Waterfront Commission presses inquiry into NY-NJ port strike

Waterfront Commission presses inquiry into NY-NJ port strike

Dockworkers stand outside the Port of New York and New Jersey during the Jan. 29 strike.

NEWARK, New Jersey — The Waterfront Commission of New York Harbor has subpoenaed numerous longshoremen in an effort to identify the organizers and cause of a Jan. 29 wildcat strike that idled the East Coast’s busiest port.

“We’ve interviewed dozens of people and have dozens more to go,” Walter Arsenault, the commission's executive director, told JOC.com

Arsenault would not discuss what the agency has learned so far, but said interviews continue to turn up new leads. He and Phoebe Sorial, the commission’s general counsel, said the investigation could take another month or so, after which the commission will issue a report.

There’s been no clear explanation for the one-day strike, which blindsided terminal operators, truckers, shippers and even many dockworkers who told JOC.com they had no idea why the surprise walkout was called at 10 a.m. on a busy Friday.

An International Longshoremen’s Association spokesman said the walkout was a spontaneous protest that appeared to be aimed chiefly at the Waterfront Commission, a bistate crime watchdog agency that has jousted repeatedly with the ILA over hiring and other issues.

ILA President Harold Daggett said he had no advance knowledge of the strike, and he disputed JOC.com reports that the walkout originated within mechanics’ Local 1804-1, which he formerly headed and now is overseen by his son Dennis, the ILA’s executive vice president.

The strike ended after the New York Shipping Association secured an arbitrator's ruling that the work stoppage violated the NYSA-ILA contract's no-strike provision, and the ILA urged union members to return to work.

Shippers were angered by the strike. Matthew Shay, president of the National Retail Federation, said the work stoppage sent “a very troublesome message to the port’s customers — the cargo owners.”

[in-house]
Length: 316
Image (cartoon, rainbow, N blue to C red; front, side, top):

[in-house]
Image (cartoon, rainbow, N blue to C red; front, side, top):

The inquiry by the Waterfront Commission, which licenses longshoremen at the port and operates as a police agency on the docks, is authorized under the commission’s charter, Arsenault and Sorial told JOC.com.

“The Waterfront Commission Act empowers the commission to conduct investigations and collect and compile information regarding waterfront practices generally within the port,” Sorial said.

Contact Joseph Bonney at joseph.bonney@ihs.com and follow him on Twitter: @JosephBonney.

Comments

Reminds me of the last investigation where they brought in over 80 people to find out who stole a sausage sandwich and juice from the lunch truck. They think they are Elliot Ness and the untouchables. What a waste of time and resources. But what the heck, the waterfront commission gets there payroll by imposing a tax on the company payroll of everyone who works there. What a scam. No where else in the country does this happen. Want to stop crime. Eliminate the corrupt commission. Just check out the 2 New Yorker going to jail(Skelos-Silver). They helped fill those jobs in the commission with political hacks. Sue me if I'm lying!!!

Reminds me of the last investigation where they brought in over 80 people to find out who stole a sausage sandwich and juice from the lunch truck. They think they are Elliot Ness and the untouchables. What a waste of time and resources. But what the heck, the waterfront commission gets there payroll by imposing a tax on the company payroll of everyone who works there. What a scam. No where else in the country does this happen. Want to stop crime. Eliminate the corrupt commission. Just check out the 2 New Yorker going to jail(Skelos-Silver). They helped fill those jobs in the commission with political hacks. Sue me if I'm lying!!!